The parable of the Good Samaritan is one of the most beloved and oft quoted stories in the Bible. It is both an encouragement and sets the bar for loving others. It is a source of authority for teaching others to love like Jesus. Sadly, love is often taught as a goal in itself with this story. Such teaching ignores the context of Scripture and the purpose wherein Jesus told it.
Jesus teaches this parable to a lawyer who wants to know how to receive eternal life. The parable was the answer to the legal expert’s follow-up question, “Who is my neighbor?” Loving everyone God puts in our path is not the main point of Jesus’ teaching; important? Yes! But, it was not the main point.
The key to Jesus’ dialogue was how to receive eternal life. The teacher of Ecclesiastes mirrors our own soul’s groaning that if this physical world is all there is life is meaningless. If there is not the possibility of something more, something better, we should just eat, drink and die. However, if there is a greater significance and joy to be had, the expert in the law wanted to know what he needed to do to receive it.
Jesus assured his inquiring mind he had the correct answer. The lawyer quoted from Deuteronomy 6 and Leviticus 19, when in Luke 10 “He answered: “‘Love the Lord your God with all your heart and with all your soul and with all your strength and with all your mind’; and, ‘Love your neighbor as yourself.” “You have answered correctly,” Jesus replied. “Do this and you will live.”
Knowing how to properly love one’s neighbor is possible only when one knows how to properly love God. He must be loved not as one of many, but as LORD; supreme to every other love in life. “Whoever lives in love lives in God” it says in 1 John 4. Love is not just touchy feely. The Apostle Peter taught in his first letter that godly love is self-controlled, mirrors the essence and actions of God, and does not conform to the evil desires resident in every human heart. This is not a recipe for self-help, but abandonment to self in the pursuit of a love relationship with God the Father through Christ the Son in the power of the God the Holy Spirit.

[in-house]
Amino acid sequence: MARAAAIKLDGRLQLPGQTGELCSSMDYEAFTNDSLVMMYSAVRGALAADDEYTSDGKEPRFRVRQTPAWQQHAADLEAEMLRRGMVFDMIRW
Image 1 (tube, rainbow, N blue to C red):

Loving the stranger through a one time or temporary humanitarian relief effort is commendable. Jesus taught those desiring eternal life to invest in the stranger until they can take care of themselves. The Good Samaritan modeled this by returning again and again with help that’s really needed, under their direction, until they can be self-sufficient, strong and healthy.
If you want to make a difference in a life, love them where they are as they are. If you want to make an eternal difference in a life, love them like God loves us. Love without restriction. Love enough to lead by example. Through the power of the Holy Spirit call what God calls sin, i.e. wrong-doing, sin and reject it. The Ten Commandments are a good place to begin. “Do this and you will live.”